By Mark DeCambre, MarketWatch
Longer-dated bond yields set to snap 4-session negative streak
U.S. Treasurys on Tuesday faced modest selling, pushing yields higher, as worries about world-wide economic contraction, which had sparked buying in government debt last week, appeared to be on pause.
The yield on the 10-year Treasury note rose 2.4 basis points to 2.442%, a day after hitting its lowest level since Dec. 29, 2017. The yield on the 2-year note climbed 3.7 basis points to 2.291%, while the 30-year Treasury bond yield picked up 2.4 basis points at 2.892%. Yields and bond prices move in opposite directions.
Long-dated yields were on pace to snap a four-session negative streak.
A modest rise in yields for government bonds on Tuesday come as U.S. stocks looked set to stage a rebound (http://www.marketwatch.com/story/dow-futures-climb-as-china-trade-talks-set-to-resume-2019-03-26) after a pair of shaky days for assets perceived as risky. Futures for the Dow Jones Industrial Average and the S&P 500 index were up by at least 0.5%.
"The rebound in US Treasury yields boosted global equities with most Asian indices closing in the green and US e-mini futures were also pointing to a positive start to Tuesday's trading session," wrote market analysts at XM (https://www.xm.com/european-open-preview-sterling-steady-as-may-loses-control-of-brexit-process-dollar-weighed-by-falling-us-yields-98492), in a daily research note on Tuesday.
Markets broadly have been unsettled after a rally took the yield on the 10-year note below the yield on the 3-month Treasury for the first time since 2007. The yield-curve inversion (http://www.marketwatch.com/story/10-year-german-bond-yield-flirts-with-zero-after-lackluster-eurozone-pmis-2019-03-22) that resulted is seen as a reliable warning of a potential recession within a year or two, and was credited with sparking a selloff in equity benchmarks.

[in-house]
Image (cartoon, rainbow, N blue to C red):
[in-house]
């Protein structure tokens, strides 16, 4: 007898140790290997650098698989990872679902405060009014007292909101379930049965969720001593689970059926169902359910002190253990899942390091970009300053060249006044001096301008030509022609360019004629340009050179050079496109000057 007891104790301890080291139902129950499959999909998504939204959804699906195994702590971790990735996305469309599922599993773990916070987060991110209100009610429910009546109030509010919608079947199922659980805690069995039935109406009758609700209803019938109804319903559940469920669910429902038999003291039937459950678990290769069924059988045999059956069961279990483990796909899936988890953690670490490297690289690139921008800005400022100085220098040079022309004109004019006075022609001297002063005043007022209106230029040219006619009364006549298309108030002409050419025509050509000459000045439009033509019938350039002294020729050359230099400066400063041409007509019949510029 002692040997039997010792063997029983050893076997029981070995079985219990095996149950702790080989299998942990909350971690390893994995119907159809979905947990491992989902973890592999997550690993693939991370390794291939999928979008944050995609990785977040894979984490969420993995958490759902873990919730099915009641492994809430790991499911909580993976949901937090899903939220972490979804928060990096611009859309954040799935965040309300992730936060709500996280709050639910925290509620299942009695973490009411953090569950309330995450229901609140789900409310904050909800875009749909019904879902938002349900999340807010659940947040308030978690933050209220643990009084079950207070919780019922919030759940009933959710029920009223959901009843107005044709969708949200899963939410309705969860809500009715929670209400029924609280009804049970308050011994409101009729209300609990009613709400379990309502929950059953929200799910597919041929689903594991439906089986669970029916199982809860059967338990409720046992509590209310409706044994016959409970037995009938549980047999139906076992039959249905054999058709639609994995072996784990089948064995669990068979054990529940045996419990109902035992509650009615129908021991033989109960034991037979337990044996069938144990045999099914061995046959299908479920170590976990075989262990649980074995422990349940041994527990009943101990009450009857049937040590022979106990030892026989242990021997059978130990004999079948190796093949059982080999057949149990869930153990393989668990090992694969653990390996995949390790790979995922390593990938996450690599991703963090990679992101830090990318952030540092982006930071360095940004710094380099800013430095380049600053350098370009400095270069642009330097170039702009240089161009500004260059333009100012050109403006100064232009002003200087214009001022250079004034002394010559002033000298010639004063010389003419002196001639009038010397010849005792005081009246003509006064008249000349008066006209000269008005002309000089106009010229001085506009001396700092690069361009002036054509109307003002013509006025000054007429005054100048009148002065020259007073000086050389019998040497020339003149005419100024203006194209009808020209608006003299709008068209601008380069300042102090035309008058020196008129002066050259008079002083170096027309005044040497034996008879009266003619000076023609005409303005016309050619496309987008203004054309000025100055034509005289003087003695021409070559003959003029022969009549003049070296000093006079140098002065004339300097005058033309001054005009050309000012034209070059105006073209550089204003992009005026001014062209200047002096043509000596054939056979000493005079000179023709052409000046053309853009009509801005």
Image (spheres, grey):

The 3-month yield edged up to 2.454% early Tuesday.
Read:The yield curve inverted--here are 5 things investors need to know (http://www.marketwatch.com/story/the-yield-curve-inverted-here-are-5-things-investors-need-to-know-2019-03-22)
Declines in yields follow a Federal Reserve that signaled at its March 18-19 that it wasn't likely to raise rates in 2019, downshifting projections for rate increases to zero from two indicated in its December forecast. On top of that market participants say that the management of the central bank's balance sheet, may curtail debt supplies. Both futures that support higher buying in debt, driving yields lower.
"The shift in expectations comes after the Fed last week ruled out further rate increases in 2019, reinforcing its dovish stance," wrote analysts at XM in a Tuesday research note.
Also in focus on Tuesday, U.K. markets wrested control of the Brexit process from Prime Minister Theresa May in a late-Monday vote. Now, Parliament is bracing for a fresh round of votes to help resolve Britain's exit from the European Union, which had originally been set for a March 29 deadline.
U.K. 10-year Treasury notes , also known as gilts, were at 1.011%, little changed from Monday's levels.
Looking ahead, investors are awaiting a sale of about $40 billion in 2-year Treasury notes, which could influence yields.
On the data front, reports on housing starts and building permits for February are expected at 8:30 a.m. Eastern Time, while the Case-Shiller home price index for January is due at 9 a.m., followed by a reading on consumer confidence at 10 a.m.
(END) Dow Jones Newswires
March 26, 2019 08:11 ET (12:11 GMT)
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